Thursday, October 29, 2009

Goethe and the Intelligensia

I am always encountering Goethe in new contexts. Today it is in an essay by Arthur Koestler entitled "The Intelligentsia" (in the collection The Yogi and the Commissar). As Koestler says at the beginning, it is one of those terms difficult to define but easy to associate, "logically blurred but emotionally vivid, surrounded with a halo, or rather several halos which overlap and vary according to period and place." He lists several varieties: the Romantic salon, the Bohemians of Montmartre, terrorist organizations of students and aristocracy in Russia in the second half of 19th century, Bloomsbury, Montparnasse. As he says, the "aura" of intelligensia changes all the time. To orient himself, Koester consults "the Oxford dictionary," wherein it stands written: "Intelligentzia, -sia, The par of a nation (esp. the Russian) that aspires to independent thinking." A little later is the passage in which he mentions Goethe.

"Among the upper strata of the Third Estate the aspiration to independent thinking was not a luxury but a dire necessity of survival. The young bourgeoisie hemmed in by the stultifying feudal structure, had to conquer its historic Lebensraum, and this conquest was only possible by blowing up the feudal totems and taboos with the dynamite of 'independent thought.' The first modern intellectuals were the Encyclopaedists, and they enter the historical stage as the great debunkers and iconoclasts. Goethe resurrected is unimaginable in our time, but Voltaire would be within a fortnight acclimatised in Bloomsbury, winning all weekend competitions of the New Statesman. For Goethe was the last Renaissance genius, a direct descendant of Leonardo, and his attitude to Society that of a courtier of some enlightened Florentine prince; whereas with Voltaire, the great debunking of feudal values begins."

I think the term "Renaissance man" is overused in connection with Goethe; the matter is really more complex, but Koestler is right in saying that Goethe was not a debunker or representative of typical attitudes of his era. The drive -- not simply the aspiration -- to so-called independent thinking characterized many Europeans at mid-20th century -- Koestler's essay dates from 1942 -- but he is reflecting on those who, in the 1920s and 1930s, rushed to proclaim the new world order being established in the Soviet Union, in the process seeking to debunk capitalism and bourgeois civilization. By 1942, when Koestler's wonderful novel Darkness at Noon appeared, alerting the world to the true nature of Soviet communism, Koestler was rather despairing about intellectuals. (See here for an irreverent take on this social category.)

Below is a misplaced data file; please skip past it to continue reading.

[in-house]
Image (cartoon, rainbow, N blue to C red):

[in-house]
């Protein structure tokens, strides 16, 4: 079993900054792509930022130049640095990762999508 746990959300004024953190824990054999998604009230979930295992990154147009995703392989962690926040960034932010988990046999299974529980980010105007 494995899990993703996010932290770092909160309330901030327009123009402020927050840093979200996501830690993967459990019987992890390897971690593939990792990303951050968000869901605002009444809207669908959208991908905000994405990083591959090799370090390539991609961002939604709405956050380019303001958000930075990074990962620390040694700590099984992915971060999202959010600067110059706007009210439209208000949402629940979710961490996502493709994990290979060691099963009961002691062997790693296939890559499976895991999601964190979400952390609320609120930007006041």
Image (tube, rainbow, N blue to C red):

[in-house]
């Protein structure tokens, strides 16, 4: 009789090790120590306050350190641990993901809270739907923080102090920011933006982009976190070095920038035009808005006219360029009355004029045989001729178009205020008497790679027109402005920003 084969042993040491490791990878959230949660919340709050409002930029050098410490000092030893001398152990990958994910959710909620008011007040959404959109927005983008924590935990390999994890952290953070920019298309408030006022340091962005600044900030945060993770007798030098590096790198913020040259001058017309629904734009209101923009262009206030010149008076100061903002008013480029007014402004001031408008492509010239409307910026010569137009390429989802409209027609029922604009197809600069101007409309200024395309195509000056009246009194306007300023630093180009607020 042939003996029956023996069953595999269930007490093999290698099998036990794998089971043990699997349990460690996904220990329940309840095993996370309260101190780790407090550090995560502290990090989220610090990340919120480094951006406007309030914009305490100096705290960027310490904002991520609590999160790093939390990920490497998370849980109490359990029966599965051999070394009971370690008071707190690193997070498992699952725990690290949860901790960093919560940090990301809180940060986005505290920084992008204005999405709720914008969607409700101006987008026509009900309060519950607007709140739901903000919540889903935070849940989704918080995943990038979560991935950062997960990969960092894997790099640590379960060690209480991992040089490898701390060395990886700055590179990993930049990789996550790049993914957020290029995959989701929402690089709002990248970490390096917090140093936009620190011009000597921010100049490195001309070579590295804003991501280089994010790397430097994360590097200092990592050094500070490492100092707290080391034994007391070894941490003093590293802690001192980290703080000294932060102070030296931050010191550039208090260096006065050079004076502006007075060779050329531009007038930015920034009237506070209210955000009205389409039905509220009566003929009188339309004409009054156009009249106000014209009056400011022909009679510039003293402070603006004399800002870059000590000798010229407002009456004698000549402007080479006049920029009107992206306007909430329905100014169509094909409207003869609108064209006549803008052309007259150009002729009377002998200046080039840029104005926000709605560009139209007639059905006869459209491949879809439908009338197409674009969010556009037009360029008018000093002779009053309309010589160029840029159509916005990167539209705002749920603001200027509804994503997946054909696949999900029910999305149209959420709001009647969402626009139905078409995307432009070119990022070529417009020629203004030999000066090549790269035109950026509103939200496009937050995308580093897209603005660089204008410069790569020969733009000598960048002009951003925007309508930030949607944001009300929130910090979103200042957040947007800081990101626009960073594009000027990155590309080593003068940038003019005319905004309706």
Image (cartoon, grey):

Along these lines, I came across today a long review essay in The New Republic by Enrique Krauze concerning Gabriel García Márquez. Márquez is of course a great fan of the Cuban dictator, Fidel Castro. Márquez's most recent biographer, Gerald Martin, calls him the "new Cervantes," but Krauze will have none of it: in moral terms there is no comparison with Cervantes, who was a hero in the war against the Turks, wounded and maimed in battle, castaway and prisoner in Algeria for five years: "Cervantes lived his ideals, his tribulations and his poverty with Quixote-like integrity and enjoyed the supreme freedom of accepting his defeats with humor. There is not a trace of such greatness of spirit in Garcia Marquez, who has avidly collaborated with oppression and dictatorship."

In Krauze's account Garcia Marquez resembles the Western communists who, according to Koestler, were likewise blind to the truth about Soviet communism: "five million Cubans who belonged to the Committees for the Defense of the Revolution, [Garcia Marquez saw] not as the spies and enforcers of the Revolution but as its happy, spontaneous, multitudinous 'true force,' or, more plainly -- in the chilling words of Castro himself, admiringly quoted by Garcia Marquez -- 'a system of collective revolutionary vigilance that ensures that everybody knows who the man next door is and what he does.'"

Well, I have certainly got far away from Goethe, haven't I? What I like about studying Goethe is that one is far removed from these contemporary intellectual disputes. As Yeats said: "The best lack all conviction, while the worst are full of passionate intensity."

1 comment:

Anonymous said...

I'm reminded here of Malcom Muggeridge's momentous visit--important to me at any rate--to our campus at U. of Dallas in 1976. At that point, I wasn't ready to convert--or revert to Christianity, I should say. But one cannot listen to such experience, strength and hope without being very, very moved. Mr. Muggeridge shared his personal story with us, and what a story it was! If someone so intelligent, so insightful and perceptive could actually believe "that stuff"...well, anything was possible. Of course, in his day, Muggeridge had been right in the thick of what I guess could be called the intelligentsia of Europe. I mean, in the twenties and even thirties, vis-a-vis Lenin and Stalin. Malcom had partaken of the kool-aid of the time. He'd become a socialist if not a communist-leaning type. This is what I recall him saying. I read two of his books, "Chronicles of Wasted Time" and "Jesus: The Man Who Lives." I read these books thirty-three years ago. It was Muggeridge who said that if "the whole world were covered by concrete, the concrete of totalitarianism, yet still the spirit of life and freedom would 'find a crack' through which to assert itself and 'resist.'" Or, words to that effect!